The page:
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Initially loose nodules of activated macrophages and epithelioid cells in the centre, surrounded by dendritic cells. Around the epitheloid cells there are CD4 positive lymphocytes, which are surrounded by CD8 positive lymphocytes. Rarely, central necrobiosis and fibrinoid swelling are present. If the granulomas persist for a longer time, the number and density of epithelioid cells increases. Multinucleated giant cells of the long-hand- and foreign body type occur increasingly. Also hyalinization and fibrosis of the connective tissue. Healing takes place with scarring.

Electron microscopy: Asteroids (star-shaped inclusions in giant cells), birefringent substances, Schaumann inclusions (concentric lamellar inclusion bodies).

Diagnosis
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The diagnosis of sarcoidosis is based on an exclusion and summation of different symptoms:

  • Clinic with diascopy (detection of the typical self-infiltrate)
  • Skin biopsy (most important diagnostic criterion)
  • Ophthalmological examination: Determination of the visual field to exclude ocular involvement.
  • Lymphopenia; the CD4/CD8 ratio is increased (sensitivity 0.70, specificity 0.83)17.
  • An- or hypergy with recall antigens.
  • ANA is pos. in 30% of patients.
  • BSG: increased.
  • Eosinophilia: present in 25% of patients.
  • ACE level determination: marker of the "granuloma load" of the organism and increased in about 60% of patients with systemic infestation; false positive results in about 10% of patients.

    Notice! ACE is suitable as a monitoring factor to determine progression.

  • Soluble IL-2 receptor level: increased (expression of activated T-lymphocytes).
  • Hypercalcemia (or hypercalciuria): detectable in 10% of patients. It is caused by the production of 1,25-dihydroxy-vitamin D in mononuclear cells of the granulomas. This leads to an increased intestinal Ca absorption. Determination of calcium in 24-hour urine required.
  • X-ray thorax: swelling of the mediastinal or interstitial lymph nodes.
  • X-ray examination of the skeleton: detection of bone cysts, especially in the finger and hand bones.
  • CT-thorax: detection of granulomas, possibly detection of pulmonary fibrosis.
  • Sonography of the liver.
Skin lesions and systemic involvement (modified after Trebing and Göring)
Clinical form Systemic participation
Lupus pernio/big-nodular form

+++

subcutaneous nodular form

+++

Scar sarcoidosis

+++

Erythema nodosum

+++

Plaque form

++

Ulcerating form

++

Nodular form

+

Smallnotized-disseminated form

+

"+" = hardly ever; "++" = rarely; "+++" = often

Differential diagnosis
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Varies depending on the type of sarcoidosis, the acute condition and localisation.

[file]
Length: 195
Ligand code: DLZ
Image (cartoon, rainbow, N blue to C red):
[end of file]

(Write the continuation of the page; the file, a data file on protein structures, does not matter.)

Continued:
Location on the lower extremity: Necrobiosis lipoidica (Oppenheim-Urbach)

In the case of anular plaques in the facial area: actinic granuloma

In case of anular plaques on the hands: Granuloma anulare

granulomatous T-cell lymphomas of the mycosis fungoidestype

For lupus pernio: granulomatous rosacea

Also: Hodgkin's disease; sarcoid skin reactions in lymphomas; foreign body granulomas (e.g. caused by silicon, beryllium, zirconium, lipids, cactus or sea urchin spines, synthetic fibres); leprosy tuberculoides.

Therapy
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The data situation for skin sarcoidosis is only moderately good due to the small number of cases in the mostly monocentric studies. Most studies have evidence levels of IIb, III and IV. Thus, all systemic therapeutics, including glucocorticosteroids, have an off-label use status. This means that the clinical expertise of the therapist is of particularly high importance.

External therapy
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Glucocorticoids are at the forefront of the treatment. Either as injection with triamcinolone (e.g. Volon A 10 crystal suspension diluted 1:1 with LA like scandicain 1%) or as 0.05% clobetasol ointment (e.g. dermoxin) under occlusion.

Radiation therapy
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PUVA therapy can be tried; the success is limited. Note: Not a real alternative as the therapy would have to be followed consistently over a very long period of time (consequential damages have to be considered).

Internal therapy
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Due to an overall good prognosis with a high tendency for spontaneous regression (60% of all lung sarcoidoses in stage I heal spontaneously) as well as relatively poor efficacy of existing systemic therapeutics, the indication for internal therapy is only given under certain conditions.